FORT WORTH — Google Chairman Eric Schmidt called the production of the Moto X smartphone at Alliance in north Fort Worth just the first in a series of steps that will change the perception of manufacturing in the U.S.“American workers are ready for advanced manufacturing, complex tasks, reasonably sophisticated working environments and the kind of stuff we’re trying to do. We know it because it’s what we have here,” Schmidt told business and civic leaders who gathered at the plant. It’s the first smartphone assembled in the U.S.Motorola Mobility, owned by Google, and its manufacturing partner, Flextronics, opened the gleaming facility to public officials and the media on Tuesday. Full production at the former Nokia manufacturing plant started Aug. 6.“My favorite phone is the phone that was made here,” Schmidt said. “We have a winner coming out of this plant and we’re just getting started.” Other company executives as well as Gov. Rick Perry addressed the gathering, which included hundreds of employees. Company executives touted what they called a record-breaking pace to open the plant in less than six months. More than 100,000 phones have been made since the plant began production, exceeding expectations, said Mike McNamara, Flextronics CEO. Initially, the company said it would need about 2,000 employees, but that now stands at 2,500, McNamara said. Some of those employees also worked for Nokia when it operated the plant between 1995 and 2007.The facility covers about 450,000 square feet, although manufacturing lines take up only about half of that for now. There are 14 lines, with six more lines to be added in October.Flextronics and Motorola brought in manufacturing experts from 18 countries to help get the plant ramped up, said Mark Randall, Motorola’s senior vice president of supply chain and operations. “We’ve only been in mass production for a few weeks,” Randall said. “Looking at the discipline on the lines, the operators, the efficiencies, the yield, we’re very, very happy with where we’re at.” Employees dress in royal blue scrubs and white coats, standing in long lines at tall work tables behind video monitors. A Moto X starts to come together as employees begin assembling components shipped to Fort Worth from around the world. When the phone is complete it gets a quality test, is packaged and shipped. The plant is producing phones in black and white for the all the major wireless carriers, but only AT&T is offering custom colors for the back panels and accent pieces. A custom phone gets to a customer in about six days.Employees now work in two 12-hour shifts, but a Flextronics operations manager said that will soon change to three, 8-hour shifts. The plant runs seven days a week.Dennis Woodside, Motorola Mobility’s CEO, said experts balked at the company’s plans to manufacture a smartphone in the U.S., calling it too expensive, saying American workers couldn’t handle the task.“This is the most important technology of our generation, and we weren’t making it here,” Woodside said. “Well, you see they were wrong. Folks here at Motorola and Flextronics have accomplished something we think is on the leading edge of where manufacturing is going.”More than 150 million smartphones are used in the U.S., he said. Consumers want to be able to customize their phones, and that would not be possible if they were made overseas, he said.“We chose to be optimistic about the future of both technology and manufacturing,” Woodside said. “Bringing innovation back to the U.S. is just the right thing to do. Manufacturing locally is the right thing to do.”Fort Worth was among several sites Flextronics looked at for the Moto X plant, McNamara said. He said the decision came down to the company’s optimum logistics with its proximity to Alliance Airport, a foreign-trade zone that allows lower importing costs and better supply chain efficiencies, he said. Perry said Google is making a key investment in Texas.“Google is recognizing that Texas is a great destination for innovation,” Perry said. “Flextronics and Motorola could have picked anywhere in the world … to build this facility, but they chose Texas as the manufacturing site. Not every place in America can fill that demand for jobs.”Woodside presented Perry a Moto X phone customized in the maroon and white of Texas A&M, his alma mater, after pointing out that Perry was not among the 80 percent of cellphone users with an Android phone. “We have a bigger phone for you,” he told Perry, whose cellphone preference wasn’t disclosed.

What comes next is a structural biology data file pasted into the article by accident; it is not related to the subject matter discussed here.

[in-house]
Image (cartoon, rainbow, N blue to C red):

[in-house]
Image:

Sandra Baker, 817-390-7727 Twitter: @SandraBakerFWST